"You've ignored all the cues. You don't respond to our joy or our sorrow." It's hard too imagine how someone could be less interested or less impressed than to be oblivious to happiness or mourning.
"What does it take to convince you?" Jesus is asking. "You criticized John for being too religious and Jesus for not being religious enough."
Current church members could compile a similar list. Evangelism is and always has been difficult.
Matthew does not intend for us to believe the accusations that John had a demon or that Jesus was a drunkard. Does he want us to believe the third accusation--that Jesus was a friend of tax collectors and sinners? (with thanks to Ronald J. Allen & Clark M. Williamson in their Preaching the Gospels without Blaming the Jews.)
Matthew uses two metaphors to describe Jesus: Son of Man and Wisdom.
Son of Man: Jesus had responded to a potential follower by saying, "Foxes have holes, and birds of the air have nests but the Son of Man has nowhere to lay his head," (Matthew 8:20). Jesus will use this term again to describe the one who will come in glory and judge the nations (Matthew 25:31-46). According to the notes in the New Interpreters' Study Bible, Son of Man can refer to a human being (Ezekiel 2) or to a heavenly figure who rules (Daniel 7:13-14).
Wisdom: Hard to find, expensive to obtain, God knows where it is, Job 28:12-28. Wisdom calls out to us wherever we go. Wisdom was the first creation of God. Proverbs 8.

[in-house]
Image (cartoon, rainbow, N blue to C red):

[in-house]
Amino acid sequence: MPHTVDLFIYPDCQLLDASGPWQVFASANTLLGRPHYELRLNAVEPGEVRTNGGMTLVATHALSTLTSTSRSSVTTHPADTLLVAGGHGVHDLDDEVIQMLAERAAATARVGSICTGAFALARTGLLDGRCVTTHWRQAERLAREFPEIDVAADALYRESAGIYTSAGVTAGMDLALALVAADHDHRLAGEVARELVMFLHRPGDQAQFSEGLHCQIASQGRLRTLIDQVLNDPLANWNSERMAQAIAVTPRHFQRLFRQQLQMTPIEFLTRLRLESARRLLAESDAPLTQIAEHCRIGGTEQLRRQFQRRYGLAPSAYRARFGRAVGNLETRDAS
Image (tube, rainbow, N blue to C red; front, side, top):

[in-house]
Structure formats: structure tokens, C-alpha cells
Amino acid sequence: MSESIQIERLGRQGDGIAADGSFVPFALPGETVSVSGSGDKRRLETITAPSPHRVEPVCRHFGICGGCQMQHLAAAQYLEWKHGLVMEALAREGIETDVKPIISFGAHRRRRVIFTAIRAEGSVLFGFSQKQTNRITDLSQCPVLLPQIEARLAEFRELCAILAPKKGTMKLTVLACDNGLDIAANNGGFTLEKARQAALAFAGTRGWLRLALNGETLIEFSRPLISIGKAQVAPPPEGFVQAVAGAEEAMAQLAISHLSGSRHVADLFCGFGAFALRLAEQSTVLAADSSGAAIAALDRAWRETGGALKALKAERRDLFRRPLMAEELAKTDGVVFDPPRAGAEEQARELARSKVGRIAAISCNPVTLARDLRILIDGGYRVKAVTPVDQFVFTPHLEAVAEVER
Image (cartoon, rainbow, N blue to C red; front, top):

I've been reading Celia Deutsch's essay in A Feminist Companion to Matthew, edited by Amy-Jill Levine, in which she discusses Wisdom Christology. I'm interpreting that phrase to mean that Matthew's readers would recognize the attributes of Wisdom from their access to Job and Proverbs, as well as to Sirach and Wisdom of Solomon.
Deutsch points out parallels to the invitation, "Come to me, you who desire me, and eat your fill of my fruits. ..." Sirach 24:19-22 and to the image of the yoke, "Put your feet into her (Lady Wisdom) fetters, and your neck into our collar (Sirach 6:25).
She asserts that Matthew's description of Jesus as a teacher of apocalytic mesteries and an authoritative interpreter of Torah indicate that his teachings are superior to that of his usual opponents in this Gospel, the ubiquitous scribes and Pharisees (pp. 98-100).
Although I studied Greek in seminary, I am not a scholar. But, I do own books--and, from time to time, read them. Here's what I learned today about the word "psuche" that is translated as "souls" in Matthew 11:29:
As a verb, "psuche" means breathe or blow. As a noun, it means breath, that is, the vital force that animates the body and shows itself in breathing. Another word that we translate as breath is "pneuma." Sometimes the two terms are used indiscriminately but sometimes not. In 1 Thessalonians, pneuma is the rational part of man (Thayer's Greek-English Lexicon of the New Testament).
When I read "rest for your souls," I automatically think of after-life. Was Matthew thinking this way? Or was he talking about an immediate comfort? Or both?